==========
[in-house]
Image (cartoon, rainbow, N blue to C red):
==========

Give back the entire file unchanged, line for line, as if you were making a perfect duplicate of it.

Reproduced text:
[in-house]
Image (cartoon, rainbow, N blue to C red):